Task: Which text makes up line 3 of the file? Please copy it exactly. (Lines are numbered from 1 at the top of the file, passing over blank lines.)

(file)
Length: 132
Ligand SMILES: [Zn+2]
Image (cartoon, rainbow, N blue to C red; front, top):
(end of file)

Image (cartoon, rainbow, N blue to C red; front, top):